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| Private Enterprise in American Education
Understanding the role of for-profits in education through the theories of disruptive innovation
View related content: Leadership and Innovation
The role of for-profit companies in public education–education financed by the government–has attracted increased scrutiny over the past few years. Though for-profit entities such as textbook companies have had contracts with public school districts for decades, recent controversy over what government officials and others perceive as low graduation rates and questionable marketing practices within the for-profit higher-education space has drawn significant negative attention. As this controversy heats up, it is prompting a wider debate about the role of for-profit companies in education–a debate too often characterized by faulty assumptions and misunderstandings on both sides.
Many in public education assume the worst about for-profit corporations, arguing that they are money-grabbing entities that will shortchange the public good if it means increased profits. Critics see no place for for-profit providers in American education. Supporters view for-profits as a force for good that can harness the profit motive to attract top talent and scale quality in public education. The government often perpetuates these divides by drawing lines in the sand of what activities companies can and cannot do based on their corporate structures. Despite these views on for-profits, however, the reality is different. Policymakers, officials, providers, and other members of the debate would do well to keep three key points in mind:
First, for-profit companies are not inherently good or evil. Rather, these companies do what their customers offer incentives to do–not much more or less. To say that for-profits are evil or poor quality misses the point because quality is defined by what a customer will pay someone to do. In the case of higher education, for example, government policies have historically defined the job to be done as expanding access–and have tied government dollars to this explicit goal. For-profit institutions, then, should not be faulted for focusing on access. The government and society have offered incentives for this behavior. Blaming for-profits for doing what we have asked and paid them to do from the outset makes little sense.
Second, there are far fewer inherent and predetermined differences between for-profit companies and their nonprofit counterparts than many assume. Both for-profits and nonprofits have business models, and there are many examples of corrupt nonprofits. Whether a company is a for-profit or nonprofit does not, in and of itself, mean that it will or will not be corrupt. Categorizing the world as one of for-profits versus nonprofits distracts from what the real question should be: are companies, regardless of corporate structure, delivering on what society is paying them to do, as specified in the law? Even more broadly, is the law asking them to do the right thing?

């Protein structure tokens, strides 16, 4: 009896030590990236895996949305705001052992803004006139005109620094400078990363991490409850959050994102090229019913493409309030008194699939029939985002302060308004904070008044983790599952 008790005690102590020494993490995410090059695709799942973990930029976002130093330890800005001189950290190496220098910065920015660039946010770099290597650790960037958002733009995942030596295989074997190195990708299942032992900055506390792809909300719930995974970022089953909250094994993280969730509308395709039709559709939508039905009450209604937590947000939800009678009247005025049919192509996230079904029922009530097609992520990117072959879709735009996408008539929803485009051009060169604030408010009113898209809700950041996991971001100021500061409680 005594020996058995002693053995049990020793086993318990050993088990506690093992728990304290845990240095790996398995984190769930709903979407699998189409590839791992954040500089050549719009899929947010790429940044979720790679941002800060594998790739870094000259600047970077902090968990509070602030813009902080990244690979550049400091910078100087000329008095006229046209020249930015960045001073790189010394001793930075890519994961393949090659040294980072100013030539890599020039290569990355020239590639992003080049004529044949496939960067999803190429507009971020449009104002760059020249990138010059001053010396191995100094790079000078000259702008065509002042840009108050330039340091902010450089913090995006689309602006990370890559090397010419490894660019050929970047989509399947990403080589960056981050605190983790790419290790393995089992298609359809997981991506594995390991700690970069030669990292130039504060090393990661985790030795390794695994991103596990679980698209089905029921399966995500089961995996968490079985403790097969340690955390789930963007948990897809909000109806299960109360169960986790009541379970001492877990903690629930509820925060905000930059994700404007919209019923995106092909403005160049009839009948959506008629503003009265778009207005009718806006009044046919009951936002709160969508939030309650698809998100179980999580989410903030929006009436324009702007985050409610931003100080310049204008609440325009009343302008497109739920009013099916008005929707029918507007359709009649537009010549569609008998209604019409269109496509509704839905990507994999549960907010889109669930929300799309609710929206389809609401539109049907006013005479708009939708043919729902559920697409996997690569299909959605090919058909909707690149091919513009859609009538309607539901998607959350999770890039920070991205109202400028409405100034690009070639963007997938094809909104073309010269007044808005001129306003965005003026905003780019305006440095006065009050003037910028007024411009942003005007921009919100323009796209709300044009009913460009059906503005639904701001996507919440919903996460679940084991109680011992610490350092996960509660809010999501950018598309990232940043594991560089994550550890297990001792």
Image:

Third, the biggest inherent differences between for-profits and nonprofits stem from their fundamental corporate structures, which determine what they do with their profits–and thus affect their ability to attract capital and scale–as well as what opportunities look attractive. Specifically, for-profit corporations have owners or shareholders; nonprofit corporations do not. This means that for-profit corporations do not reinvest all their profits into their core business as do successful nonprofits, but this is not a bad thing. Returning money to their owners provides a natural pathway for for-profits to attract even more capital to grow and scale operations and attract more top talent when there is a viable market. Nonprofits do not share this natural pathway. Conversely, not having shareholders allows nonprofits to play a critical role and remain invested in a sector even in the absence of a viable market–a circumstance from which successful for-profits retreat, as they will not be able to provide meaningful returns for their owners.
Ultimately, the government and education stakeholders should not discriminate between for-profits and nonprofits. Policies and purchasing should instead focus on and define the desired outcomes from government spending without specifying the processes or inputs used to achieve those outcomes. They should also reward those entities–regardless of corporate structure–that do the best at achieving the outcomes for the best price relative to the competition and, in cases like education where the purpose is to serve an end user in addition to society, align those outcomes with what the end user actually needs. Moving beyond the tired debates of for-profit versus nonprofit can result in a much healthier debate over the end goal of policy. Although for-profits are not a panacea for what ails society, using what they do well in conjunction with policy that rewards the right outcomes–and is open to an honest debate about what those should be–just might start to move us closer to those elusive solutions that could greatly benefit society.
Michael B. Horn ([email protected]) is the cofounder of the Innosight Institute, where he is the executive director of education.
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